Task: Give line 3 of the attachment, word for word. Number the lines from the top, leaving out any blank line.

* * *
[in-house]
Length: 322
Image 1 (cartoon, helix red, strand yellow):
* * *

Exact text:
Image 1 (cartoon, helix red, strand yellow):